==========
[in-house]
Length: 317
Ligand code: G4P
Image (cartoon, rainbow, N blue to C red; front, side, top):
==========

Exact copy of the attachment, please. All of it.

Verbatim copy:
[in-house]
Length: 317
Ligand code: G4P
Image (cartoon, rainbow, N blue to C red; front, side, top):